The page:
I am an architect, and I am real proud that none of my roofs have leaked in 25 years of practice. But I’m not famous? Hmmm? Anyway, Wright’s work has always inspired me, so I jumped at the chance for a private tour of his little-known church. In fact, no one knows where the original pencil drawings went, and only the contractor’s blueprints remain.
1958 was a good year for circles and triangles. Hula hoops had become the craze, and FLW told Redding’s Pilgrim congregation, “If I like the feel of a job, I take it.” In 1959 the drawings were completed and the project went out to bid. A lone contractor responded with a $360,000 proposal, which was triple the congregation’s budget. So they rejected the bid, regrouped, and decided to build it themselves.
Imagine a series of jumbo concrete croquet hoops plunging down though a metal roof at oblique (or slanting) angles. What would you expect? Leaks. Most of the pesky problems at the Pilgrim Congregational Church have been resolved, except for a spot near the oversized fireplace that awaits this year’s rain test. Oh yeah, and that mop bucket in the altar sanctuary? Some church members had hosed down one of the exterior windows and a pool of water mysteriously appeared on the floor.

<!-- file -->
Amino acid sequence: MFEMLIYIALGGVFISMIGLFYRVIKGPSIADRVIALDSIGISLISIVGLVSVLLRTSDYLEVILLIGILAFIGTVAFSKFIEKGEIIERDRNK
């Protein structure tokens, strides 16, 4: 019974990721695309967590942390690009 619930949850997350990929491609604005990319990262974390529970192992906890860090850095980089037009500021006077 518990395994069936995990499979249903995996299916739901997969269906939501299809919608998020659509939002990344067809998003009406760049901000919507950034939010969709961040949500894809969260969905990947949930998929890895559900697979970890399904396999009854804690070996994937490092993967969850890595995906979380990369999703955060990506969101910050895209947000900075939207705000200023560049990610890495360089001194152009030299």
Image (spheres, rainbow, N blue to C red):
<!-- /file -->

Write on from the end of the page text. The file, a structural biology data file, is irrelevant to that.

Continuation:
Why have a fireplace in a modern church that has an in-slab heated concrete floor? Because Wright liked fireplaces and that is where construction stopped when the building funds ran out. The fireplace is at the altar end of the Fellowship Hall, which is the acting sanctuary. This wing was to extend into the middle of today’s parking lot where it would intersect the real sanctuary and the chapel wings, all in triangular fashion. This central core would have been topped off by a massive, angular, multi-story, boulder belfry tower with an articulated steeple. The scale model in the church tells the whole story.
Back to those concrete hoops. They were originally designed to be poles made of coastal redwood, but they opted for site-cast concrete instead—more durable and stronger. Those hoops serve to support the asymmetrical roof rafters below, from the outside, with slender steel rods. Daring in 1961. Daring today.